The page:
WASHINGTON, DC, Nov 7 — They call themselves the World Economic Forum and they gather in the swanky environs of Davos, Switzerland four times a year. Who are they? They are millionaires, billionaires and assorted wannabe elitists. They eat, drink and merrily discuss the fate of the world.
A new book, Against the Great Reset, by cultural-political consultant Michael Walsh describes them as a “cabal of bankers, techies, corporate executives, politicians, senior bureaucrats, academics, and pundits who … seek to change, reduce, restrict, and homogenize the Western way of life—but only for ordinary people. Their own way of life, along with the wealth and power that define it, they seek to entrench, augment, deepen, and extend.”
Fear not. America is still a capitalist nation. While a fair number of Democrats seem to have abandoned support for capitalism, a poll conducted earlier this year shows that overall 55% of respondents said they favored capitalism over socialism and so-called democratic socialism including 56% of Independents, 67% of Republicans and even 42% of Democrats. “The survey [found] that Democrats are the only party to hold favorable views of democratic socialism and socialism, both before and after being presented with ideology descriptions,” according to a report by a progressive think tank, Data For Progress. It found that “a majority of voters associate capitalism with success and the American dream.”
The organization known as FEE [Free-market Economics, Entrepreneurship] says there is good reason that most Americans have low esteem for socialism. Because “socialist policies, when enacted, have catastrophic effects on the lives of the people living under them. To enforce such policies, governments must take control of people’s property—whether by fully nationalizing businesses, mandating what and how much a company must produce, or seizing and distributing their products—thereby violating people’s right to the product of their own effort. The victims include entrepreneurs who have built or purchased businesses, landlords who maintain and manage properties, and everyone who earns a wage, from construction workers to artists.”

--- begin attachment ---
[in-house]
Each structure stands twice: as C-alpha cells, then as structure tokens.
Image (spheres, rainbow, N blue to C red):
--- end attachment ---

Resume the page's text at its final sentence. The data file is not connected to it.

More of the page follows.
The Fee article goes on to cite two countries that describe themselves as socialist societies, Venezuela and North Korea. Venezuela officially became a socialist country in 1999. Here’s a country that once was the fourth wealthiest country in the world. Today, it is high on the list of the most impoverished nations. In fact, according to The Policy Circle, today “almost 90% of the population [is] living in poverty … As of early 2022, more than 7 million Venezuelans in Venezuela are in critical need, and almost 6 million have fled to 17 countries across the region … a nationalization spree in the 2000s pushed out all private enterprise, starved industries of technical expertise and investment and sent government-controlled institutions into a downward spiral. Exchange rate controls and price controls broke the basic link between supply and demand, creating surreal economic distortions.”
As for North Korea, the country emerged from World War II as a communist state, according to FEE. “But [it] formally switched to a form of ‘self-reliant’ socialism following the Korean War. The leadership of the Worker’s Party of Korea has brought widespread misery in the form of horrific rights violations, including torture, severe censorship, forced labor, and arbitrary detention. Their policies have also led to nearly half the country suffering from inconsistent access to food and water—in stark contrast to their far more capitalist neighbor, South Korea, which has flourished in recent decades.”
Irving Berlin wrote the song, God Bless America, and He did. Our free-market capitalism drives our economic growth, it lets “we, the people,” choose the products and services that take priority and dictate their costs.